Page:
Getting to the Line Crucial for Thunder

Rookies in the NBA can tell a lot about what new team values by the priorities in the first week of training camp. For Perry Jones, one aspect of the game that has stood out so far has been the emphasis the Thunder puts on free throw shooting.

Last season the Thunder shot 80.6 percent from the free throw line, the best mark in the NBA, and eight of the team’s players shot 80 percent or better from the line. In practice, the Thunder puts a heavy emphasis on making the free ones count by incorporating a free throw game into the end of every practice and shootaround. During his first week of training camp, Jones recognized just how proficient his teammates are at the stripe.

“They make all their free throws,” Jones said with amazement. “Whenever they go to the line, they knock down their free throws. When they have our free throw game end, it’s usually the same guys in the same spots because everybody is making their free throws.”

The free throw game involves pairs of players at each of the ten baskets at the INTEGRIS Health Thunder Development Center, with games to 21, playing with ones and twos. Players get two points for a swish and one point for a free throw that is made after hitting the rim or the backboard. The catch is, you can’t go over 21. Based on who wins and loses, players move to different baskets around the court, making it a source of pride to be on the top basket each day.

While games like that one and a general focus on knocking down free throws is integral to them going in, a major facet of the Thunder’s free throw game is actually finding ways to get to the line. Last season Head Coach Scott Brooks’ team scored 20.7 percent of its points from the free throw line, the second highest percentage in the NBA.

“It’s an important part of our game,” Brooks said. “We talk about attacking the basket, we talk about attacking the paint, we talk about drawing two guys on you and then kicking out to open shooters. We have to play that style of play.”

In fact, the Thunder led the NBA in free throw makes per game with 21.3 and attempts per game, with 26.4. The ability to get to the free throw line is undeniably crucial for the Thunder, as evidenced by its 34-8 record last season when attempting more free throws than their opponent, compared to its 13-11 mark when the Thunder shot the same or fewer free throws than the other team.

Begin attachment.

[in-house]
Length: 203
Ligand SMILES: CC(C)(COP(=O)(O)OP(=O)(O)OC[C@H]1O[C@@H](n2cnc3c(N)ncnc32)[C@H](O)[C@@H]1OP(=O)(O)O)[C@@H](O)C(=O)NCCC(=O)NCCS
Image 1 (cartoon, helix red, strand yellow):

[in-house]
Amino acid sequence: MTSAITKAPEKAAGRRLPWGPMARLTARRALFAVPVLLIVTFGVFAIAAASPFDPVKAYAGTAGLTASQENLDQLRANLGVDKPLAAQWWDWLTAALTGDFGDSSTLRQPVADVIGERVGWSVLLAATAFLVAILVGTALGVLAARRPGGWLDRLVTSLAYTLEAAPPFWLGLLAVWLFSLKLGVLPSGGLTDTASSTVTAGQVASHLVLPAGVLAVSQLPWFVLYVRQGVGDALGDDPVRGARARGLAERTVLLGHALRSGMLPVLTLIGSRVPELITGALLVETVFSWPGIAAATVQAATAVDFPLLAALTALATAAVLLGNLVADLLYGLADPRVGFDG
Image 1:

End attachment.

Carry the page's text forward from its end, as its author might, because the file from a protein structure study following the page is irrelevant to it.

One of the reasons the Thunder can get to the free throw line so effectively is that the team has aggressive players like Kevin Durant, who finished third in the NBA last season with 501 free throw attempts. Russell Westbrook finished seventh in that same category, and James Harden finished tenth. The reigning NBA Sixth Man of the Year Award winner’s numbers are especially impressive, considering he scored 29.9 percent of his points off free throws last season, second most among players who saw 30 or more minutes of playing time per night.

“We have aggressive players that have an amazing ability to get to the rim quickly and make decisions, and good decisions,” Brooks said. “The free throw line has always been a friend of ours, and that’s why we spend a lot of time working on ways to get there and also working on ways to finish when we’re there.” First and foremost, the Thunder can get those free throw opportunities by executing its primary gameplan – defending well, making a crisp outlet pass and working through the fast break or secondary break.

“There’s no question we want to get into transition,” Brooks said. “We want to get in there through our defense. Our transition offense has improved every year… You know what you’re going to get. You’re going to get a guy that is going to attack the basket, you’re going to get a wide open three or you’re going to get a pick and roll.”

If those quick-hitting opportunities are not available, the Thunder also focuses heavily on creating advantages for themselves in the half-court set. Whether it be getting to the dunker spot between the block and the short corner or creating two-on-one situations in the pick-and-roll to force defenders to make tough decisions, the Thunder continues to work on a number of ways to draw fouls in the half-court.

“We have to be able to get to the free throw line in our half-court set also,” Brooks said. “We have great pick and roll players and we have players who can beat their guy. We’re still finding ways to get everybody involved because we can draw double teams.”